Hello I am an imposter.
In 2018, I graduated from California State University, Northridge, majoring in Marketing. During college, I was involved with the NMGZ Community and the American Marketing Association and mentored transfer students while working full-time as a sales representative.
I am now working for a Fortune 500 telecommunications company—I feel no sense of accomplishment and constantly rationalize how I got here. Therefore, I made a U-turn and moved back to my hometown just in time to grab a spot on the NMGZ NYC trip.
Our first day of the trip was my favorite. The play Hadestown was my first Broadway musical. The mining characters reminded me of myself working to survive and avoid starvation. While Orpheus was perfecting his song, Eurydice had to save herself from starvation, so she made a deal with Hades to work as a miner in Hadestown.
Once COVID hit, I was immediately terrified of losing my job. I enjoyed working in the tech industry and driving innovative solutions. Moreover, I love my work-life balance. More and more, I was accepting additional work, toxic one-on-one meetings, and relocating to prove my flexibility. Since I did not have much work experience, I did not believe I could find a better opportunity, so I settled for what I had.
As we introduced ourselves during our dinner at Carmine’s Time Square, I was surrounded by inspiring, educated individuals with unique experiences from all over the world. I immediately felt recharged as we shared our personal stories about job searching, thinking of changing careers, and working in other countries. We had all accomplished so much, yet we found ourselves considering a move to Switzerland after hearing about their six-month maternity leave, comprehensive healthcare benefits, two-month vacation time, and lovely lunch break nature walks. Our experiences bouncing around the table painted a disturbing picture of the work environment in our country. I realized it was impossible to hold myself to a higher standard when it doesn’t exist in our country today.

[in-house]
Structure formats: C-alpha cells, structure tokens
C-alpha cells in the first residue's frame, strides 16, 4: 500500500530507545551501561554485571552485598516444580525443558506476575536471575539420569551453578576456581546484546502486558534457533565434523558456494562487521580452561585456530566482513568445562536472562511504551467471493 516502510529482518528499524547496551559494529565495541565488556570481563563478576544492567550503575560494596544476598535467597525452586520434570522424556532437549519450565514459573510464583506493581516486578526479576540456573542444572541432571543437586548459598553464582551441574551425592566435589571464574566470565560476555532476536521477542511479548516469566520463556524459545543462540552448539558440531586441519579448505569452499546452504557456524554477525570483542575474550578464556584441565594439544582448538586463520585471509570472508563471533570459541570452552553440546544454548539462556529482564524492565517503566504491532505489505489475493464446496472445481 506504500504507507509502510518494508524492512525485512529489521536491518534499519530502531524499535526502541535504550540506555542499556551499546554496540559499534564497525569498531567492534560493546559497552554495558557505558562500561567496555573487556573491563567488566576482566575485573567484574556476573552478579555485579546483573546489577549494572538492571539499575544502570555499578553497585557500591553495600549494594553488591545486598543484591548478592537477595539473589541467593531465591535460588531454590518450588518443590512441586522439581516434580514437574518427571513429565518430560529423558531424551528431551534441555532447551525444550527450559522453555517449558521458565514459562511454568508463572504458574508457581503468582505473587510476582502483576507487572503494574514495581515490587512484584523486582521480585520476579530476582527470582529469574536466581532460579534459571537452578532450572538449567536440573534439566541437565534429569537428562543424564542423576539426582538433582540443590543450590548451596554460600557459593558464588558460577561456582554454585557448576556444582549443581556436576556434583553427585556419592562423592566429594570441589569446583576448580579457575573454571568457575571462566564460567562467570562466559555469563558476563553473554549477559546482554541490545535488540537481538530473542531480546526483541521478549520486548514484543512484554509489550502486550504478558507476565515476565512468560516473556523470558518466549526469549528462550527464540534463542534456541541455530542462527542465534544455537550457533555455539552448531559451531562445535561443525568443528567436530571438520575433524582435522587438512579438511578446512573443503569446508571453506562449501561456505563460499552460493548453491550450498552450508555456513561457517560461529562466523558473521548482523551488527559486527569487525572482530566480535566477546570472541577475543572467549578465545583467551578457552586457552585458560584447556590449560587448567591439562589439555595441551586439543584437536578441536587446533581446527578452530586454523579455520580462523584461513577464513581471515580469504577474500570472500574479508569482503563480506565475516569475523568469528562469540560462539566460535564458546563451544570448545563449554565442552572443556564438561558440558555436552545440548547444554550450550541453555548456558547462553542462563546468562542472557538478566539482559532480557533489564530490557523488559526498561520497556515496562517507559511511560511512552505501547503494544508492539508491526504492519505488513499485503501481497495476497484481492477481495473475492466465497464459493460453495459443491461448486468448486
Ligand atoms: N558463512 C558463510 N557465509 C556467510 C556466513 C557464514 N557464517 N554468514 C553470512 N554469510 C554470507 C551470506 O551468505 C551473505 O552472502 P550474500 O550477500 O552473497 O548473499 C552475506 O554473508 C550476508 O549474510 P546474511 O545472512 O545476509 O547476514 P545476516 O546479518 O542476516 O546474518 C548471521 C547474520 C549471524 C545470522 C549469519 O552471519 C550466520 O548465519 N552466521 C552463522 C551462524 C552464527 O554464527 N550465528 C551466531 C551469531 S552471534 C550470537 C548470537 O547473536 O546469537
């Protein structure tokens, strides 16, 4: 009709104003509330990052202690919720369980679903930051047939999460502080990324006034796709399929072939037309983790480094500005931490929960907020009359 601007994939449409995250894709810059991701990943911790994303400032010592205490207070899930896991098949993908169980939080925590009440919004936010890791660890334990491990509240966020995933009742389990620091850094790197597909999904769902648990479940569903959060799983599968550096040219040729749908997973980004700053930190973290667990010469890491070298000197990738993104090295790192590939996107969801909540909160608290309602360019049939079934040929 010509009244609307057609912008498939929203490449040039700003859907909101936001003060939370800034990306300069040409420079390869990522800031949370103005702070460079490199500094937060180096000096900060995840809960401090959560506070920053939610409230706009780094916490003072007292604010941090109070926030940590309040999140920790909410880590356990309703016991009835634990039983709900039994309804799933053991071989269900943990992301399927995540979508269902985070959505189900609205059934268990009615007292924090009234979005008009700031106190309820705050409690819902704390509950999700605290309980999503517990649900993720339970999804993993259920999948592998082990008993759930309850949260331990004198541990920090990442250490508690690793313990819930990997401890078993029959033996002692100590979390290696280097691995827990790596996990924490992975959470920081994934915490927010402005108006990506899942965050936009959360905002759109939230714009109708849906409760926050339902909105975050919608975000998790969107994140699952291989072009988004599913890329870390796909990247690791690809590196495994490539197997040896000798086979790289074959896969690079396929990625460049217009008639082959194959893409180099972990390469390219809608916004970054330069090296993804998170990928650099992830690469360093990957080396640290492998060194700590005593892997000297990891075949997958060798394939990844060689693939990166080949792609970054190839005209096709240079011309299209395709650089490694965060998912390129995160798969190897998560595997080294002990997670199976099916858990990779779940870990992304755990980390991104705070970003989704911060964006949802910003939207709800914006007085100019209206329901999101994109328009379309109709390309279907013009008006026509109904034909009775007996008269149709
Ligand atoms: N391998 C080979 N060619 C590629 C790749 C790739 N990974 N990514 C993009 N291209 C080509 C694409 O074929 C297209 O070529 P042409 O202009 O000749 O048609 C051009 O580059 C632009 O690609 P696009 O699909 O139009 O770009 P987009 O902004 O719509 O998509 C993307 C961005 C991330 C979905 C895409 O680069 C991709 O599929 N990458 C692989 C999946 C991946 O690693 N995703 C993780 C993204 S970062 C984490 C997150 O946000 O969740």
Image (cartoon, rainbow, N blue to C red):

During the rest of the trip, companies such as Nielsen, Deutsch, and Padilla were not afraid to share their challenges and where they needed our help. It didn’t occur to me that big companies also suffer to some degree from imposter syndrome. I guess it is true what they say, “just ask for help.” Although I have asked for help in my current work environment, I failed to speak up when the information was not comprehensive.
During a networking event, I was so nervous talking to CEO Nancy Reyes. I ran out of things to say. My previous marketing professor would not recognize me if she saw that. Somehow the confidence I once had in college was dimmed down by thoughts of offending my boss and being fired during COVID. Continuing to share our perspectives throughout the trip made it clear that executives need our input just as much as they need to give direction.
The Advertising Club of New York had highly ranked professionals who all experienced imposter syndrome during their careers. Director Marinn Jackson shared her story of accepting a different job, moving to a foreign country, and managing a new team. (Meanwhile, here I am complaining about my job. I cannot imagine being put in that situation.)
In the lovely words of entrepreneur Cheryl Overton, “It’s tough out here in these streets.”
I wish I could put their minds on a projector to take more notes on their learning experiences. However, I need to continue putting myself in more uncomfortable situations as they did.
I am fortunate to be a part of NMGZ. A community like this is much more than an organization for students to find their “perfect” job or network. The corporate world can change at any time without warning. And to all marketing students out there, I am sorry to tell you this, but every day is like a group project where you have no control over who is on your team. Although I do all the work, I can still be laid off at any time. I can only focus on things that I can control, which are my productivity, schedule, and attitude. This trip was more productive than any of my training or one-on-one meetings.
Now I realize that feeling like an imposter is only a part of this journey and does not define me unless I quit learning.
From an imposter, or so I thought.